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Main Street

File photo by Victoria Espinoza

Suffolk County Police Seventh Squad detectives are investigating a crash that seriously injured a motorcyclist and his passenger in Rocky Point May 12.

Thomas Lowth and his passenger, Sherry Hansen, were traveling eastbound on Main Street when he collided his 2000 American Eagle motorcycle with a 2002 Hyundai being driven by Andrew Netusil at approximately 5:20 p.m. Netusil was pulling out of a parking lot on Main Street.

Lowth, 49, of Sayville, and Hansen, 45, of Rocky Point, were both transported to Stony Brook University Hospital in serious condition. Netusil, 20, of Miller Place, stayed at the scene and was not injured.

The vehicles were impounded for a safety check. The investigation is ongoing.

Anyone with information on the crash is asked to contact the Seventh Squad at 631-852-8752.

Residents braved chilly temperatures Sunday, March 12, to cheer on the annual St. Patrick’s Day Parade. Bagpipers, Girl Scouts, and more marched down Main Street in Huntington to celebrate the Irish.

The front entrance of Carl’s Candies. Photo by Victoria Espinoza

By Victoria Espinoza

If you’re looking to treat your sweet tooth, Northport has just the spot for you.

Carl’s Candies, at 50 Main St., has replaced the well-known Harbor Trading, when it closed its doors earlier this year.

Sisters and co-owners of Carl’s Candies, Angela Nisi-MacNeill and Gina Nisi, are no strangers to Main Street. The Northport natives jumped at the opportunity to open a candy shop together and said they have had nothing short of a blast since opening in October.

Gina Nisi and Angela Nisi-MacNeill are the co-owners of Carl’s Candies. The new candy shop replacing Harbor Trading on Main Street in Northport. Photo by Victoria Espinoza
Gina Nisi and Angela Nisi-MacNeill are the co-owners of Carl’s Candies. The new candy shop replacing Harbor Trading on Main Street in Northport. Photo by Victoria Espinoza

“When we heard the former owner was retiring and the building was up for sale, my sister took that as an opportunity to take over and keep it as a candy store,” Nisi said. “Everyone loved Harbor Trading so much, and I think the village always should have a candy store.”

Her sister said she’s had so much fun since opening at the end of October.

“I honestly don’t think I will ever get sick of it,” Nisi-MacNeill said. “I won’t get sick of coming in here every day — no matter how many years I work here. I just think that it’s fun and it’s a good creative outlet. I enjoy making candy and being creative with the window displays.”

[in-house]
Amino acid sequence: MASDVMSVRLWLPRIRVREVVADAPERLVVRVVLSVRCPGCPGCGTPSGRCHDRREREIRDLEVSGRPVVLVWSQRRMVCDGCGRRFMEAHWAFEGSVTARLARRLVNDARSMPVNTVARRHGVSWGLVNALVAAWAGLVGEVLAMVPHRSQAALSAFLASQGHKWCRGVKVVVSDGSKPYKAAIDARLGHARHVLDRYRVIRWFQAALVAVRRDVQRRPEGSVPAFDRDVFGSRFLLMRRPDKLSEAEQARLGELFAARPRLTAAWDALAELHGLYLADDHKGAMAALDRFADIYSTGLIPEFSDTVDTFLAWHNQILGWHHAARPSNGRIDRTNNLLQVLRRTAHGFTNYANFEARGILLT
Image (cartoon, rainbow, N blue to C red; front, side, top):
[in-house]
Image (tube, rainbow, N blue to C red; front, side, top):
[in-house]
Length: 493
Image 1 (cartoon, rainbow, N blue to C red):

Nisi-MacNeill was also able to get creative when a young girl came into the store suggesting they have a book exchange set up at the location.

“Her father came in with a little cardboard stand and asked if we could put it in the store, and I thought ‘I want to make it more special for her’ so we did this,” she said as she pointed to a large wooden shelf holding dozens of books and decorated with pages of other books all around it.

“It’s a really nice idea, and a lot of people are enjoying it,” she said.

Although this is the first joint venture for the sisters into co-owning a business, Nisi-MacNeill certainly has some valuable past experience as an employee of Harbor Trading back when she was a Northport High School student.

“I remember the smell of the candy store,” she said, thinking back of her time working there. “When we took over the candy store it was empty, so once we started to bring in the candy that’s when the reality hit and the memories really started coming back. Just that smell of all the candy together, it brings back really nice memories.”

“I won’t get sick of coming in here every day — no matter how many years I work here. I just think that it’s fun and it’s a good creative outlet.”

—Angela Nisi-MacNeill

Nisi-MacNeil said she is excited to get back to work in her community.

“[Northport] still maintains that old hometown feel,” she said. “That’s really hard to find.” Nisi said the shop already has a lot of regulars coming in.

The name Carl’s Candies is a tribute to the sisters’ late grandfather, Carl Foglia, another Northport native who worked at a butcher shop that used to be where Skipper’s Pub is now, as a limo driver for Northport residents, a real estate agent and more. He died in 2014.

Nisi said he would hang out in the village every day, stopping at many places like the Ritz Café.

“He was sort of like a fixture in town,” she said. “Obviously we miss him dearly, and when we saw the opportunity we agreed we had to name the shop after him.”

The co-owners said many shoppers have come in with stories and memories about Foglia. “We hear really funny stories that we haven’t heard before, which is fun,” Nisi-MacNeill said.

The sisters said there is plenty to come for the freshman candy shop. They plan to start making their own chocolate to sell in January, offer candy catering for events, set up monthly circle readings with local children’s authors, host make your own chocolate nights, sell homemade hot chocolate and more. They’ve already started creating some new ice cream flavors, the first name Tim’s Shipwreck Diner, after the popular breakfast eatery next door, which is a vanilla bean ice cream  with waffles and maple syrup ribbons in it.

The Northport Historical Society hosted its annual Holiday House Tour this past Sunday, Dec. 12. Several houses in the area were decked out in Christmas decorations, with musicians playing and treats for each guest.